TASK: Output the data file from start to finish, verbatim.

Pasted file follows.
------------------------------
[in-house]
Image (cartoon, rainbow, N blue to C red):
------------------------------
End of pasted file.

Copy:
[in-house]
Image (cartoon, rainbow, N blue to C red):